This stunning image is part of the diffuse emission Gamma Cygni nebula, otherwise known as The Butterfly Nebula.
Astrophotographer Terry Hancock took this image as part of his mosaic of the Gamma Cygni region. The image was taken from his backyard observatory in Fremont, Michigan on May 29. "We have had some wonderful clear skies over here in West Michigan in the past week," Hancock wrote in an email to Space.com.
In this image, one can see the Gamma Cygni Nebula or IC1318A in the upper left. The namesake star of the region, the Gamma Cygni, sit amid the constellation of Cygnus the Swan. Although it sits at a distance of 1,800 light-years, this young star is an extremely bright supergiant. A light-year is the distance light travels in one year, or about 6 trillion miles (10 trillion kilometers). [Amazing Night Sky Photos for June]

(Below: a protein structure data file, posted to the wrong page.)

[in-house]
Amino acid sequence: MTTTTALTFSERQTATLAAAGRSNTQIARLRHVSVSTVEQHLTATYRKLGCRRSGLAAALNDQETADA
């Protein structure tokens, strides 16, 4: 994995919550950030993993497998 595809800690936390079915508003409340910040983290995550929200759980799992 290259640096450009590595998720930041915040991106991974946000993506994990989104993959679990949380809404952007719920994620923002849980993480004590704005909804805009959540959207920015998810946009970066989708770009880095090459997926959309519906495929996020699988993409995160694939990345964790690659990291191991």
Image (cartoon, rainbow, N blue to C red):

Hancock used a QHY11S monochrome CCD cooled to -20 C and a Takahashi E-180 F2.8 Astrograph on a Paramount GT-1100S German Equatorial Mount to take the image. Multiple exposures are made to collect enough light for an image that would otherwise not be evident to the eye.
Editor's note: If you have an amazing night sky photo you'd like to share for a possible story or image gallery, please contact managing editor Tariq Malik at firstname.lastname@example.org.
Get the Space.com Newsletter
Breaking space news, the latest updates on rocket launches, skywatching events and more!
Nina Sen is a freelance writer and producer who covered night sky photography and astronomy for Space.com. She began writing and producing content for Space.com in 2011 with a focus on story and image production, as well as amazing space photos captured by NASA telescopes and other missions. Her work also includes coverage of amazing images by astrophotographers that showcase the night sky's beauty.